2010 Index

24 - Gardens
+ Port Waikato

Jan 30 - Coromandel
Peninsula

Feb 19 -
Top Gear Live


Firth Coast
01-12 | 13-24 | 25-36 | 37-48 | 49-60 | 61-72

Tairua
01-10 | 13-24 | 25-36 | 37-48

Homeward
01-12 | 13-24 | 25-36


Auckland Anniversary weekend - the last long weekend until Easter, and therefore the perfect opportunity to tackle the last readily accessible section of the North Island we were yet to explore - the Coromandel Peninsula. We were hoping for fine weather, and sure enough as we charged over the Bombay Hills early Saturday morning it was promising to be a scorcher. Steadily we made our way to and past Thames, the furthest point to which we had previously reached. We then followed the black ribbon Northward between the sea cliffs and the wave-lapped rocks. After Coromandel township we stopped for a picnic lunch at Oamaru Bay, watching a family or two loading up a series of dinghy trips to ferry themselves and their provisions out to a nearby island, on which we could spy a bach - nice idea!

We pressed on Northward, and reaching Colville we soon reached the end of what Coromandel could offer in terms of sealed roads, and continued on the rutted gravel, stopping occasionally to admire the views, and to rest Rosie's arms. The last stretch from Fantail Bay to Port Jackson was particularly adventurous - more a farm track than anything, despite us encountering more traffic on that stretch than we've encountered on many other much better maintained stretches of the NZ road network. The views that were our reward made the anxious journey worth it however, offering a vista of the boundary of the Hauraki Gulf - aptly named the Barrier islands. We could also however see grey weather closing in off the Pacific, and sure enough it was raining fairly steadily by the time we reached the comparative luxury of the sealed roads once more. We therefore abandoned the original idea of pressing on over another such gravel stretch to the campsite at Kennedy Bay, and returned to Coromandel town to push on over the hills to Whitianga. As the rain increased in intensity, we abandoned altogether the idea of camping, and instead sought a solid Cabin roof at Harbourside Holiday Park in Whitianga, and a hot meal in one of the local eateries.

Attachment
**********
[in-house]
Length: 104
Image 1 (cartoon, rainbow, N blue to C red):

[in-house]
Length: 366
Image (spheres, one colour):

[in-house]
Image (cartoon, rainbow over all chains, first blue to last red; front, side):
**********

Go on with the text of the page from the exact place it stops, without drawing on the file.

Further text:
The next day the rain had eased off enough to afford us a view of Mercury Bay and Whitianga Harbour before we left Southward toward Tairua and Pauanui. We arrived in the former earlier than we had expected, and therefore continued on to take a tour of the latter, despite the fact that although the two settlements are less than 100m apart at the harbour mouth, one must travel a good 10-15 minutes down the road to reach the first bridge. An inconvenience only to visitors however, a passenger ferry catering to the local needs. After exploring the primarily residential area of Pauanui we returned to meet our friend Elke at her family's Tairua batch, where we were spoiled to the tune of a hot coffee and tea - and the offer of a room for that night. Although the weather remained imposing, we pressed on with ur original plan, heading North again slightly to make our way to Cathedral Cove - however, despite the weather we were unable to find a parking space even remotely near the popular attraction, and even if we had the attraction of the place would be largely lost when accompanied by such large volumes of people. Advice: visit only in shoulder season, or even a fine day in Winter.